Getting the Blue Out

This article doesn’t just apply to Tesla, but it can be a big issue with a Tesla because of the two screens, one quite large for a car, with LED backlights.  This is a problem that could apply to any electronic display that uses LEDs for backlighting.


A little bit of technical background is necessary here.  White LEDs appeared on the market over a decade ago and they are becoming increasingly common in everything.  Most recently they have pretty much entirely replaced compact florescent lights for LCD monitors.  They have a lot of advantages over the old style backlights, LEDs consume less energy, they don’t grow dim with age, and they put off less heat.


There is a downside to white LEDs and some of us are the canary in the coal mine.  White LEDs are blue LEDs with a coating to make the light appear white, but the resulting light spectrum is not the same as any other type of electric light, nor is it the same as sunlight.  White LEDs have a spike in the blue spectrum that most people don’t notice consciously, but it can mess with your eyesight.


Some people are more sensitive to blue than others.  It hasn’t even been known until recently, but people who are more sensitive to blue can get headaches and eyestrain from LED backlights.  Some people are like me, they know it within about 1/2 an hour.  For me, it feels like someone is trying to pull out my eyes.  For others, they just have a little more eyestrain when using the computer, but chalk it up to something else.


When I got my Tesla, my eyes started to get the getting pulled out of their sockets feeling about the time I got 2/3 of the way home from the service center.  Needless to say, my first night with the car was depressing.


I started researching what was available in screen protectors for the car that block the extra blue.  I found some hints here and there that some brands blocked at least some blue, but they were vague on how much.  This is what I found:


a) Glareshield – this is made by a paint protection film company and can only be installed by people who do that brand of wrap. One price I found was $90 and nobody in Portland does it, so that was a dead end. They advertise 35% blue reduction, which was the best I found, but they only make it for the center screen, not the instruments.
b) Abstract Ocean – They have 4 types of screen protection available on Amazon, relatively cheap (under $20), but only available for the center screen. They need to make one for the instrument screen too.  They make a number of accessories for Teslas.
c) Topfit – also available on Amazon, but the Amazon descriptions are rather thin. On another site I found they do have blue reduction (but don’t say hoe much), and offer an instrument protector.  They are thin glass (stiff rather than flexible). They are more expensive then Abstract Ocean, but they are the only instrument protection I could find.  The stiffness makes their protectors very easy to install.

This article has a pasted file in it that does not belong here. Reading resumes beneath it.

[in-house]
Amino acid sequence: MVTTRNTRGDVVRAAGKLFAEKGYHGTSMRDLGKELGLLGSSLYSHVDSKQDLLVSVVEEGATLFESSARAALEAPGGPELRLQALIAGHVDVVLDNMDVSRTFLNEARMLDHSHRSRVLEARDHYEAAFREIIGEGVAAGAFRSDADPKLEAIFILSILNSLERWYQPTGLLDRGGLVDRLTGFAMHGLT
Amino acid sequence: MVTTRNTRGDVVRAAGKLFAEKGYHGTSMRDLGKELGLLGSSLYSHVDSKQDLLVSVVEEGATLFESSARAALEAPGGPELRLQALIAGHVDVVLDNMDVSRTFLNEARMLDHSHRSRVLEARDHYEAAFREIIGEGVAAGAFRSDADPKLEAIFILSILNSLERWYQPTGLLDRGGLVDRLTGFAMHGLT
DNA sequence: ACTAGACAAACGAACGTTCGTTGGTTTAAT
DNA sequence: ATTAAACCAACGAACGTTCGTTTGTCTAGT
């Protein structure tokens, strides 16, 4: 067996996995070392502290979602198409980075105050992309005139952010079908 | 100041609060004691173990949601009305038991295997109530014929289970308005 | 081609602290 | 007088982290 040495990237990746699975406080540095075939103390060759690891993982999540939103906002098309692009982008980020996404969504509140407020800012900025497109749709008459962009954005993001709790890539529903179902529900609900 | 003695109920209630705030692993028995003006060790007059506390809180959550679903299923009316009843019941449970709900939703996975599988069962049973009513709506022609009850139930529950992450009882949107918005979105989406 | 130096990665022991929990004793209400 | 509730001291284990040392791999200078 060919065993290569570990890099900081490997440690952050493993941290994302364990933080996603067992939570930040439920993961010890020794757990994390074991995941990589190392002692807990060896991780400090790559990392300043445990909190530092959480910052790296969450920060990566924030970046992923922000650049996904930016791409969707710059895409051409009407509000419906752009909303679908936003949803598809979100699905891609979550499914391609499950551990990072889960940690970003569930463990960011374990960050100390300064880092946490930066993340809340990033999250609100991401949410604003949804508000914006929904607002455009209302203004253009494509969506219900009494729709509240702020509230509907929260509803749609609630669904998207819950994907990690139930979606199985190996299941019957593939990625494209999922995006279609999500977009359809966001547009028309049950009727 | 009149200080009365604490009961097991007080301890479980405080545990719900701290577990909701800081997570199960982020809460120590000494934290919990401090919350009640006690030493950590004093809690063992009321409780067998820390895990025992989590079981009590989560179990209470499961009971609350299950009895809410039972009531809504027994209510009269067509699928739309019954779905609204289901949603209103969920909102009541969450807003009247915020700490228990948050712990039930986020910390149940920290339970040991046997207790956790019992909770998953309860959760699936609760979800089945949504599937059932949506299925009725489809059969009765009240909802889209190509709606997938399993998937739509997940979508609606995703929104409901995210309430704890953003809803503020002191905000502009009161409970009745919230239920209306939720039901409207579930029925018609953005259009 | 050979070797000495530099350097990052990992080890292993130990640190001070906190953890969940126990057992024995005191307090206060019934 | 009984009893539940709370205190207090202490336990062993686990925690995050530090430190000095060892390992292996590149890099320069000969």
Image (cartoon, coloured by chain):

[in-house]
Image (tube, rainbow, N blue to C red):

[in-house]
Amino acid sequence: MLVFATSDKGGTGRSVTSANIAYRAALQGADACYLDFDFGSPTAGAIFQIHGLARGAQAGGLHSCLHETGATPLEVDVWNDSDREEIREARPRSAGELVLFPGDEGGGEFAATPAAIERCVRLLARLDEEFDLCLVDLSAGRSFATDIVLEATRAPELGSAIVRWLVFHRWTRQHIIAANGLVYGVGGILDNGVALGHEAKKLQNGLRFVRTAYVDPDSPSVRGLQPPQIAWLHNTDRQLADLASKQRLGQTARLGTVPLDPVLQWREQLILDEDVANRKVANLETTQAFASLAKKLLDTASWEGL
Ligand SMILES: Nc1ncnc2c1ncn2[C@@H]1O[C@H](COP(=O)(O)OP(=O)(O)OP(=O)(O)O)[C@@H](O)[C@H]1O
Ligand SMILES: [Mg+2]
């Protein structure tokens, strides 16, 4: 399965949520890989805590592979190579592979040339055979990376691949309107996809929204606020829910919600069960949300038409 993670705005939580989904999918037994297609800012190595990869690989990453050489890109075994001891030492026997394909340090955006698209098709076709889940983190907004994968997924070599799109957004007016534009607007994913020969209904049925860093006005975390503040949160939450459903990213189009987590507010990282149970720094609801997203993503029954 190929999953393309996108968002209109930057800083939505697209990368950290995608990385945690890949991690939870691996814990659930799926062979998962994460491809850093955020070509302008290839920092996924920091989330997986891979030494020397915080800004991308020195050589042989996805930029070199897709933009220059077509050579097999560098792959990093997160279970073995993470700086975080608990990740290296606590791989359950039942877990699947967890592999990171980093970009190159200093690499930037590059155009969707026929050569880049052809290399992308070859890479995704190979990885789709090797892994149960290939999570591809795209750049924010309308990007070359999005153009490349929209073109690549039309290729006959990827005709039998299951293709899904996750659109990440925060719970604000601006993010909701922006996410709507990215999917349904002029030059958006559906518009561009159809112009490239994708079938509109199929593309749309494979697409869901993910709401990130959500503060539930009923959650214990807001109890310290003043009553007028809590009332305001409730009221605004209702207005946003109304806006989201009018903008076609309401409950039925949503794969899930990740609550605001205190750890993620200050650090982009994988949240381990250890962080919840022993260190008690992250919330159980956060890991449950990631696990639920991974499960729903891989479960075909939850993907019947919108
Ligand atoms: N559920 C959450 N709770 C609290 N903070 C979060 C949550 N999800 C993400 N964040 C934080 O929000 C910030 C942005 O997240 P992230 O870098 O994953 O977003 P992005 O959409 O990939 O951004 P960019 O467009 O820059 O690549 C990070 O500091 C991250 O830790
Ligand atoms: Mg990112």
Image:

d) NuShield – These guys make the biggest deal about blue related eye strain and make blue reducing screen protectors for many cars as well as many commercial computer screens. They advertise blue 32% reduction. You have to order directly from them and they are on the east coast, so it takes longer to get to me than Amazon.


I bought center screen protectors from Abstract Ocean and NuShield and the instrument protector from Topfit.  I haven’t installed the NuShield because the Abstract Ocean protector did the job.  Getting all the dust off the center screen to get the Abstract Ocean protector installed took a while.  I had to turn off all air circulation in the car, then sit out in the bright sun catching dust specs as they landed on the screen.  Because the screen is electrostatically charged, it attracts dust.  I finally got all the dust and it installed without issue.


The screen protectors work so well I don’t even think about them anymore.  I’m holding the NuShield as a spare for the center screen.  From handling the material, the NuShield protector was a bit heavier weight and may do a slightly better job, but any improvement would be minimal.


My partner has an iMac and she’s been having some headaches and eyestrain, but nothing as severe as what I had.  I suggested getting an anti-blue screen protector for her Mac and she was willing to try it.  Since installing it she has said she doesn’t get headaches anymore after a long day on the computer.  I’m pretty sure the blue filter helped.


This is a potential issue with any screen that has an LED backlight, in a car, a portable device, or a computer.  It can also be an issue with LED light bulbs too.  I first discovered this problem when I bought some LED light bulbs for the house and had horrible headaches and eyestrain within a few hours of installing them.  I’m stuck with old fashioned light bulbs.


If you’re getting headaches and/or eyestrain, it might be your LEDs.